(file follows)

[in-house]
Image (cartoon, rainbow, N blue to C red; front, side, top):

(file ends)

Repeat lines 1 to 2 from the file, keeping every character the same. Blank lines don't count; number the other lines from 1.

[in-house]
Image (cartoon, rainbow, N blue to C red; front, side, top):